The days of internal combustion engines in Europe are officially numbered, Volkswagen and Volvo are licking their wounds, and used car dealers are reminiscing about happier times — as in, 2021. All that and more in this “We’re Headed for a Recession” edition of The Morning Shift for October 28, 2022. Hey — at least it’s Friday!
It’s official: new internal-combustion engine cars will be effectively banned from sale in the European Union in 2035. On Thursday, member countries, Parliament and the European Commission agreed to terms that stipulate a 100 percent reduction in CO2 emissions for new vehicles sold at that time. By 2030, emissions are targeted to fall by 55 percent of what they were last year.
Technically, automakers will be able to keep offering gas-powered cars, but they’ll have to pay a hefty fine for any CO2 their new vehicles release into the atmosphere in a year. From the European Council, emphasis theirs:
Manufacturers can continue to place vehicles with combustion engines on the market but if they exceed their emissions target in a given year, they must pay a premium of €95 per gram CO2/km above the target per vehicle registered.
Some automakers had already announced intentions to stop offering gas-powered vehicles by the middle of the next decade or earlier. Others were clinging to internal combustion. There will be a provision for the extremely low-volume laggards: they get a year. From Bloomberg via Automotive News:
The agreement has global ramifications. As the world’s largest trade bloc, the EU has a reputation for setting standards globally and is home to many some of the biggest car manufacturers.
Volkswagen, Stellantis, Ford, Bentley and Jaguar are among automakers that have said they will stop selling gasoline and diesel cars in Europe by 2035 or before.
There are few exceptions to the new rules. Both the council and parliament agreed that niche manufacturers — including Lamborghini — which produce a small number of vehicles will receive a 1-year delay on the emissions targets.
A non-binding element favored by member states that calls on the commission to propose registering vehicles running exclusively on carbon-neutral fuels after 2035 was included in the final deal.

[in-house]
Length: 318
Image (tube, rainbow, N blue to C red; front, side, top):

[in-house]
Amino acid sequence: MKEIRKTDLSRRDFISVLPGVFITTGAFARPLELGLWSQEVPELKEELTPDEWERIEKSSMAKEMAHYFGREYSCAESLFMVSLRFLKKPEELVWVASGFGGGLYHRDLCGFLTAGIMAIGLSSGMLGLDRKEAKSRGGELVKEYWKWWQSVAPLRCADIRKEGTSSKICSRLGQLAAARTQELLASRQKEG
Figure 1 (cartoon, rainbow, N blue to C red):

That last point about carbon-neutral fuels is actually worth expanding. See, some EU members, like Germany, clung to synthetic “e-fuels” as a viable alternative to electrification in some contexts, or for low-volume enthusiast cars. An exemption for e-fuels is accounted for in this law, but critically not for passenger cars or light commercial vehicles. As Electrive explains:
“Outside the scope of the fleet standards” actually clarifies that a possible backdoor for e-fuels will not apply to new passenger cars and light commercial vehicles – because those fall under the fleet limits. For example, trucks, emergency vehicles and tractors are not part of the fleet limits system. If cars and LCVs with e-fuels powered by internal combustion engines were also to run outside the scope, further exemptions would have to be created for them.
In the past, however, within the German ruling government coalition alone, the Green party and the liberal party FDP had already interpreted such passages differently – for example, whether such an exemption also applies to passenger cars or only to vehicles that are already not covered by the fleet limits. It is currently not clear what the views are on this throughout Europe and how this request to the Commission will be interpreted.
Ultimately, it’s unlikely e-fuels will be the savior that Porsche and others have hoisted them up as. Though, there’s still a review period and all of this could change in three years’ time, if the EU deems the plan should be adjusted. As the council’s release reads:
The agreement includes a review clause that will ensure that in 2026, the Commission thoroughly assess the progress made towards achieving the 100% emission reduction targets and the need to review these targets taking into account technological developments, including with regard to plug-in hybrid technologies and the importance of a viable and socially equitable transition towards zero emissions.
All those reports of daylight beginning to break on supply chain bottlenecks and the silicon crunch were apparently just wishful thinking, according to Volkswagen CEO Oliver Blume. The German auto giant sees now that it will not meet its end-of-year production goal to better last year’s volume, and this is apparently telling that auto manufacturing will never get any better than it is right now, in this moment. From Financial Times:
Europe’s largest carmaker on Friday said it would deliver as many cars this year as last, backtracking from a target of 5 to 10 per cent growth that it had announced in the summer.
“Challenges to our supply chains will become the rule, not the exception,” said chief executive Oliver Blume in his first earnings call since taking over nearly two months ago.
Since early in the pandemic, the automotive industry has been plagued by an undersupply of chips, which are used for vital vehicle control, sensing and safety features.
Rivals Ford and Volvo also highlighted ongoing semiconductor shortages in results this week, with the former trimming its profit forecast and the latter its delivery target.